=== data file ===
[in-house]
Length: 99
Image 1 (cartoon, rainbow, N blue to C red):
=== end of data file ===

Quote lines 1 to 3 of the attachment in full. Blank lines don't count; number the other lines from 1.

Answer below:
[in-house]
Length: 99
Image 1 (cartoon, rainbow, N blue to C red):